Beijing on Tuesday said Washington’s action against Chinese companies was “hegemonic,” a day after the US imposed further sanctions on technology company Huawei. 

Addressing a news conference in the capital, China’s Foreign Ministry spokesman Zhao Lijian said: “China will take necessary measures to safeguard the legitimate rights of Chinese companies… such behavior is hegemonic.”

The US has expanded restrictions on Huawei over the company’s alleged ties with the Chinese Communist Party.

Commerce Secretary Wilbur Ross said its access to semiconductor chips is banned, and new limitations will further prevent it from getting around the bar.

“On May 20, we issued an order that prevented American technology from being used in Huawei-designed chips. That led them to do some evasive measures. They were going through third parties,” he said. “The new rule makes it clear that any use of American software or American fabrication equipment to produce things for Huawei is banned and requires a license.”

Many other states, including the UK, have also expressed concerns, fearing Huawei’s devices and equipment could be used to spy on other countries and companies. China has repeatedly dismissed these claims.

‘Taiwan inalienable part of China’

Meanwhile, the spokesperson said Taiwan’s “desperate move conducting separatist activities are doomed to fail.”

He was referring to the opening of a Taiwan Representative Office in Somaliland in East Africa.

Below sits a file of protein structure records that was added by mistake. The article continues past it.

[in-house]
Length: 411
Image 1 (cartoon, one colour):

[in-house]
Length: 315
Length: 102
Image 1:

“There is only one China in the world and Taiwan is an inalienable part of China. China resolutely opposes the establishment of official institutions or any official exchange between Taiwan and Somaliland,” Lijian said.

Taiwan’s president had announced the development on Twitter.

“An important milestone for the Taiwan-Somaliland partnership! Today we opened the Taiwan Representative Office in Somaliland. We are bound together by our shared values of freedom, democracy, justice & the rule of law, ideals that will guide our future cooperation,” Tsai Ing-wen said.

With the new ties, Taiwan raised the number of its recognizing counterparts to 16. Beijing considers it a Chinese province but Taipei has maintained that it is independent since 1949.

China refuses diplomatic relations with any country that recognizes Taiwan.

Somaliland, a self-declared state in East Africa with a nearly 3.5 million population, is yet to be recognized by the international community. However, it has its own flag, parliament, and currency.

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